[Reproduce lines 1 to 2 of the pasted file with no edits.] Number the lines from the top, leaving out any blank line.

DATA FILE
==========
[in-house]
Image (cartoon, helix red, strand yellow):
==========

[in-house]
Image (cartoon, helix red, strand yellow):